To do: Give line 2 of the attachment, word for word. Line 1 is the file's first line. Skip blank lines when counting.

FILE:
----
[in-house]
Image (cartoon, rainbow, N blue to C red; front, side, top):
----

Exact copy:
Image (cartoon, rainbow, N blue to C red; front, side, top):